Australian Army Discussions and Updates

Massive

Active Member
Going to be an interesting competition
Cheers
Imagine both are excellent options.

It will be interesting to see what weight is placed, if any, on the advantages of a common turret across the Boxer and the Lynx. I would have thought that this would be a significant advantage for the Army in terms of training and maintenance.

Regards,

Massive
 

ADMk2

Just a bloke
Staff member
Verified Defense Pro
Finally downloaded the article and read it. Relatively high level and, with all due respect to the authors, not all that compellingly argued.



I would have thought that any increase would be in the Beersheba brigades themselves? Otherwise potentially in combat support and combat service support to bring them up to a level so that the Beersheba concept is fully supported.

e.g. Adding a third cavalry squadron, a second or third tank squadron, an additional mechanised battlion to each brigade. Or, alternatively, adding a third air defence battery, beefing up logistics support for each brigade, etc etc.

The brigades do the land element force generation. IMHO any expansion of the Army would be about expanding the resources the brigades have to draw on to generate that force.

The whole concept of a "two ocean army" feels like a diversion. The army is the army, and it can be moved to the ocean it is needed at.

Regards,

Massive
I agree, if any increase is needed it should be within the Brigade structure we have generated, we finally have something approaching a supportable and deployable Brigade Group that can be rotated and sustained and now people are arguing we should move away from it?

I’m sure Takao and Raven, could list 1000 areas in which the current Brigades could be enhanced that would substantially increase capabilities of there is capacity available in funding, manning and resources to expand our land force. I’m not sure adding ad hoc units is anything like the best way forward.
 

Boagrius

Well-Known Member
I agree, if any increase is needed it should be within the Brigade structure we have generated, we finally have something approaching a supportable and deployable Brigade Group that can be rotated and sustained and now people are arguing we should move away from it?

I’m sure Takao and Raven, could list 1000 areas in which the current Brigades could be enhanced that would substantially increase capabilities of there is capacity available in funding, manning and resources to expand our land force. I’m not sure adding ad hoc units is anything like the best way forward.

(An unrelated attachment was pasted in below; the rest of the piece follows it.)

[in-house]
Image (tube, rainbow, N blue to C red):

Couldn't agree more. Speaking as a layman here (as always) but just look at our GBAD capability. We're really only dipping our toes in that water with NASAMS and there is still a long way to go with HIMAD/MR-GBAD, C-RAM, C-UAV, C-LACM, BMD, etc etc. Same goes for SPG, rocket arty, IFV, GBASM... the list goes on. So many new capabilities in the pipeline to integrate and flesh out properly before we get into a fundamental force structure expansion.
 

MARKMILES77

Active Member
More concerning is the information that if the Hanwha Redback is purchased for the IFV, the ammunition that it's 30X173 mm gun uses is incompatible with the 30X173 mm ammunition used on the Boxer gun. So the Army would have to purchase two types of 30X173mm ammunition!
 

swerve

Super Moderator
That's a problem. Two superficially similar but incompatible ammo types is begging for someone to mix them up. Much better to have obviously different ammunition, e.g. different calibres.
 

old faithful

The Bunker Group
Verified Defense Pro
That's a problem. Two superficially similar but incompatible ammo types is begging for someone to mix them up. Much better to have obviously different ammunition, e.g. different calibres.
The 106mm recoiless rifle rounds were actually 105mm ......
 

Big_Zucchini

Active Member